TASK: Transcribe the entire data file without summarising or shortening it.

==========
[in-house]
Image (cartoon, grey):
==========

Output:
[in-house]
Image (cartoon, grey):